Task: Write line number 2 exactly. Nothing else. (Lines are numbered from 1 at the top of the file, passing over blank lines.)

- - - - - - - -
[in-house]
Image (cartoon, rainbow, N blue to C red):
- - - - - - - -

Image (cartoon, rainbow, N blue to C red):